I think my particular perspective on that whole exchange between Jesus and John is also heavily filtered through my personal prior beliefs about Christianity and the whole Jesus dying for you thing. I know you say it wasn’t necessarily literal in this sense, and I had assumed that to a degree, but it’s a topic I kind of struggle with at times, given my background.
I used to be the traditional evangelical Christian, believing in the Bible as the literal word of God, etc. I wouldn’t have been caught dead reading a blog like this. But then one day I was bored and I decided to search “Jesus near death experiences” on Google. I suppose you might imagine it was probably a “bump” from my spirit guides, or something. I don’t know. But, for some reason, I had been thinking that day that there were all these people who had claimed to speak to Jesus and I was curious to hear what he had to say to them, especially in a modern context.
From that day forward, my perspective on God and religion began to change quite dramatically. I discovered that God’s love is unconditional and without regard to one’s religious affiliations or set of beliefs, and that felt “right” to me. I could see how all of the various spiritual traditions fit into a model of God like that. That was an incredible weight lifted off my shoulders, since I used to worry that anybody who wasn’t a Christian was going to to to hell if they didn’t believe Jesus was the Son of God, etc. So you can imagine how this “new” idea about God’s total acceptance of everyone was incredibly comforting, but it put me at odds with the traditional beliefs I held that Jesus died as a sacrifice to appease God’s anger against my sin, etc.
I wondered why it would be necessary to die for me at all, if you view his death as a sacrifice for your sins. Some sources even claim that it didn’t happen and Jesus lived on to have children and such. I obviously can’t know the details of that event for certain, but it’s easy to get sucked into the details like that. As humans we like it clean and well defined, I suppose. I see it more from a high-level symbolic point of view these days, but it’s interesting to consider all of that background I have and how it came into play when I read this blog post of yours. I don’t understand all the baggage I carry about it, I suppose. At best, I can only ponder. But somehow I enjoy wrestling with it too. Having all the answers would be a dissatisfying cheat in the game. It’s like a puzzle that is me and I’m trying to figure out my own puzzle, while simultaneously trying to understand how it fits into the BIG PUZZLE. Your blog provides me lots of food for thought.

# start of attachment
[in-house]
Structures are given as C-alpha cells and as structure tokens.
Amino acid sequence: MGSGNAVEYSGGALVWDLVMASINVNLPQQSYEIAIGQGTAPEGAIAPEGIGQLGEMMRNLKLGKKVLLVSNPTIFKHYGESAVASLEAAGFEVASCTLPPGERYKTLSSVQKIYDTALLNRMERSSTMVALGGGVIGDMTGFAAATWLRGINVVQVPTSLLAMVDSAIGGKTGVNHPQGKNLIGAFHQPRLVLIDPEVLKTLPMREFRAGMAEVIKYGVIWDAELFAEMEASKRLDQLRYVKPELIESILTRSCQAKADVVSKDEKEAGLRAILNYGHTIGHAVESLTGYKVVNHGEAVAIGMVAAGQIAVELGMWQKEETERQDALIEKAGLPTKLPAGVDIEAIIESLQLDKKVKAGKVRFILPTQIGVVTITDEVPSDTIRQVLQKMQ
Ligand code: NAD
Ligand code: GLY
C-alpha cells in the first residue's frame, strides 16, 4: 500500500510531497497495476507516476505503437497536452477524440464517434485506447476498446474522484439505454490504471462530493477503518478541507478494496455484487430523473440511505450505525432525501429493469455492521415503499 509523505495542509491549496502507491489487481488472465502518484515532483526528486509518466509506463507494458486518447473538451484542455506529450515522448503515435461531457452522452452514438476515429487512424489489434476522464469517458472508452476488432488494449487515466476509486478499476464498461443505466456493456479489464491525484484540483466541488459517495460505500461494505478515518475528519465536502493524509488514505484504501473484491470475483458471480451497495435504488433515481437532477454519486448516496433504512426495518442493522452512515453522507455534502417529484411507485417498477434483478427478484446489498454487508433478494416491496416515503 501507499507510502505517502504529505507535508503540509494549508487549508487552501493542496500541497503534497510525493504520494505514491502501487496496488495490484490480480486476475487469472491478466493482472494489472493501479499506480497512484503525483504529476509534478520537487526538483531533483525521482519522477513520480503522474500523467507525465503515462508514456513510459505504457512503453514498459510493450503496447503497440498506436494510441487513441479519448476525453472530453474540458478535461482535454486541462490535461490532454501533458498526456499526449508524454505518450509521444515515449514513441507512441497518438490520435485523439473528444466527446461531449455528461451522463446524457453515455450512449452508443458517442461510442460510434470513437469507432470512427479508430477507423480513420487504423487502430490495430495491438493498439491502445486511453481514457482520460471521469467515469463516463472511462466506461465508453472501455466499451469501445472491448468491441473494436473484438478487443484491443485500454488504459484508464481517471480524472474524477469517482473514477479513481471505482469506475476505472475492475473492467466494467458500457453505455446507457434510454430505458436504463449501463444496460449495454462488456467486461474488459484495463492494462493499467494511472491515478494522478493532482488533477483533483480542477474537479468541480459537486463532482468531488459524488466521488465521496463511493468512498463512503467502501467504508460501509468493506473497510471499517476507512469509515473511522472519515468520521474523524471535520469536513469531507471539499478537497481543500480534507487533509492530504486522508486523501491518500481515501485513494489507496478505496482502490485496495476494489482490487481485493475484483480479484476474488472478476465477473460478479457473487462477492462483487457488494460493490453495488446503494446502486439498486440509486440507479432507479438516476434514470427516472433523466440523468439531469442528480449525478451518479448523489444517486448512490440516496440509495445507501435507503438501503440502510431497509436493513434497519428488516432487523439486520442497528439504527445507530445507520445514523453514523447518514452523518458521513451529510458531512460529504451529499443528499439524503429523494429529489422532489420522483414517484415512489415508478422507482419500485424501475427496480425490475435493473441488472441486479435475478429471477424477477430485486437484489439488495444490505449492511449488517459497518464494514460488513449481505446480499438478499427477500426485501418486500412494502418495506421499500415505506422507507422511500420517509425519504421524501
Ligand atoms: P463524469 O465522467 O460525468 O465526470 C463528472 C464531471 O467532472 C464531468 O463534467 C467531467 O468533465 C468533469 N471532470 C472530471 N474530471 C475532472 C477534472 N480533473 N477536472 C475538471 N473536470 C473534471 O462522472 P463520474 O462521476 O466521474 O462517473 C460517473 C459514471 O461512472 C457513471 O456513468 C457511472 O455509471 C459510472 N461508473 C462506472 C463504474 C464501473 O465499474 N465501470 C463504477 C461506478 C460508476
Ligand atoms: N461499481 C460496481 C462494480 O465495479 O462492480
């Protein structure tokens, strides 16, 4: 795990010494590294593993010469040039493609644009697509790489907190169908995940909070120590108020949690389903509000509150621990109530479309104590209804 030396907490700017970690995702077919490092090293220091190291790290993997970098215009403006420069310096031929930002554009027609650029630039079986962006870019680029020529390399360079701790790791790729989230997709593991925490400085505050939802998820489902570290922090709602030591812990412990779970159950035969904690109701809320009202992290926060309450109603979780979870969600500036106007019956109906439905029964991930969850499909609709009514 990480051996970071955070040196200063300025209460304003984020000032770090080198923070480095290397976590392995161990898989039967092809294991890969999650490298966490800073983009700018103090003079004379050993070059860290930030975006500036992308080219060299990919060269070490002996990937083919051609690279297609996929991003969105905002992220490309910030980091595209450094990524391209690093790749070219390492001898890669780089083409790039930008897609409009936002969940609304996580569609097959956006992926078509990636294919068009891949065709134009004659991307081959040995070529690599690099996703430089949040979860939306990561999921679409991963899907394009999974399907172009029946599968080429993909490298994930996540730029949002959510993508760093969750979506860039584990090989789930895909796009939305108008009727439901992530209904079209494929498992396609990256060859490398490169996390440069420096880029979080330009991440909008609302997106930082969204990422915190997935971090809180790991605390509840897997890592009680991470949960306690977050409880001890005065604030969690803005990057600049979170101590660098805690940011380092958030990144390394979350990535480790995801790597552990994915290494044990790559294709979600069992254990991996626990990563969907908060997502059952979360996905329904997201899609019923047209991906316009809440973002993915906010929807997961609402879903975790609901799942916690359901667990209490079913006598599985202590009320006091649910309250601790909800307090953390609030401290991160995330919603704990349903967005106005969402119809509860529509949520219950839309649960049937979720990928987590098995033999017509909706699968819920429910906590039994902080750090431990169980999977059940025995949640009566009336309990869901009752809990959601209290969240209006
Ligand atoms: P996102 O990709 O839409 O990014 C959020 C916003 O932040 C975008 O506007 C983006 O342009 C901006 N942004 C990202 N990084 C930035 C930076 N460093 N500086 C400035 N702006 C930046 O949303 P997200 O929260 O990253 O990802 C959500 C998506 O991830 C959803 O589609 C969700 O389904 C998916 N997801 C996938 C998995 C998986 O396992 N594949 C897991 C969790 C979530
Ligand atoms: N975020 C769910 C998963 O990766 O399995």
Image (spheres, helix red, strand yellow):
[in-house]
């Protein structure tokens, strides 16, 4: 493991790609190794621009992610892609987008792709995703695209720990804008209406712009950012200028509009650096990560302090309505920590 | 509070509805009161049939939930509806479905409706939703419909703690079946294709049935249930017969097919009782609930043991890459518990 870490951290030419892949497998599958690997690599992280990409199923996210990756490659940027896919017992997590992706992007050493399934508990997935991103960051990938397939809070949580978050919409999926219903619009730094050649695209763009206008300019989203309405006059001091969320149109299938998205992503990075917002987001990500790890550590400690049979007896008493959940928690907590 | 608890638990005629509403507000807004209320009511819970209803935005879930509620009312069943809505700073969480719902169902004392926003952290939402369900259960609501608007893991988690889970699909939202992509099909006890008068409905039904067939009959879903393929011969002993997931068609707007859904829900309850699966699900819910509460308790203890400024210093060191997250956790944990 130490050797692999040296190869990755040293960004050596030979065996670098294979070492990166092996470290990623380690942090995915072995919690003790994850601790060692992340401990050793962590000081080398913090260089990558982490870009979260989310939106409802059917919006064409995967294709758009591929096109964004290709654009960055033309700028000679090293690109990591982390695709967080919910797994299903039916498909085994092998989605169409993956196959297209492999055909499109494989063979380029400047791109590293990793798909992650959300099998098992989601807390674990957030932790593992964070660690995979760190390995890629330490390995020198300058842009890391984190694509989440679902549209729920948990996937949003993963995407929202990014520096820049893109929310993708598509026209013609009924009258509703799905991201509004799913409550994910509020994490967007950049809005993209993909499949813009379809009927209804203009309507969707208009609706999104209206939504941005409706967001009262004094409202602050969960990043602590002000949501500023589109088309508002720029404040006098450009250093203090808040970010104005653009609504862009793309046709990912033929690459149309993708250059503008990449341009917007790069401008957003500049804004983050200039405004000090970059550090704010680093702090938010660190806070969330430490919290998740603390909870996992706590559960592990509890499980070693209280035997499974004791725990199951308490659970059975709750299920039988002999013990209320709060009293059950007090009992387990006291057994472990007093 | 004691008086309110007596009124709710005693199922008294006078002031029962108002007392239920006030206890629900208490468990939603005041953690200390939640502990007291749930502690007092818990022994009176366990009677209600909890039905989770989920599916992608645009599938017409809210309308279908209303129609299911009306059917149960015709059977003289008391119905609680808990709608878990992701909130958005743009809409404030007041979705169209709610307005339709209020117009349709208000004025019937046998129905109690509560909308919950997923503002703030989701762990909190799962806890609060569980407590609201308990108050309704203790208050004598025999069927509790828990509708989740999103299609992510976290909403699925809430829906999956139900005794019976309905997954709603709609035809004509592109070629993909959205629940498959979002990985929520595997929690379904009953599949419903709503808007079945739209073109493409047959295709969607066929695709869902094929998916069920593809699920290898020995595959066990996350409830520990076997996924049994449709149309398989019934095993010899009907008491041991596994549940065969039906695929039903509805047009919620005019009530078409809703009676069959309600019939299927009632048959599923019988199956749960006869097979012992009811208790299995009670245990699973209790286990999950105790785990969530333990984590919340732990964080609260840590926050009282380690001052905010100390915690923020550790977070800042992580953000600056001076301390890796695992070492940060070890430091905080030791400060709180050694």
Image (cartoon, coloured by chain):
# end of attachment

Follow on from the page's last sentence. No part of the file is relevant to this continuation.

Thank you, Phoggy, I’m so glad you enjoy the blog!
One thing I’ve noticed from a variety of spiritual teachers, is the more experienced they are, the more their lessons all fall in line with each other to basically say, “You cannot know it in a thousand lifetimes, and you can know it in the next moment of your life.” It can be as easy or as difficult as you want, and it can be explained a thousand ways and never completely. The Tao cannot be named, that which can be named is not the Tao. The more you know, the more you know you can’t really know.
I tend to just “let go” of the burden to have to understand it all. I just assume that on some level, a part of me never forgets, a part of me is capable of understanding the things that don’t make rational sense to me. I just trust that on some level, I *do* just understand it, and I accept that while I’m awake and rattling around the business of my life, I don’t have to HOLD ON to this concept and carry it with me at all times. But I rejoice in those moments in meditation or deep thought or prayer when I suddenly catch a glimpse of it. I feel like it’s there, in the back of my mind, and I’ll remember it again any second now.
But it’s endlessly delightful to indulge in *trying* to understand it.
I’ve written previously about how my own religious upbringing was limited to a couple of visits to Sunday school. I had no concept of the “Jesus died for your sins” thing until Sweetie explained it to me a few years ago. Out of context, it seems really crazy! (Then again, a lot of people would call me crazy too.)